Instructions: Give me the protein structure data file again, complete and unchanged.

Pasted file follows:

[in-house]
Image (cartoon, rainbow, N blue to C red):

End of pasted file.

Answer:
[in-house]
Image (cartoon, rainbow, N blue to C red):